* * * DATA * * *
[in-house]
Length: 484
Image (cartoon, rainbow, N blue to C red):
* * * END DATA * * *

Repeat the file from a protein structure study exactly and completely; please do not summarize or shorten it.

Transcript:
[in-house]
Length: 484
Image (cartoon, rainbow, N blue to C red):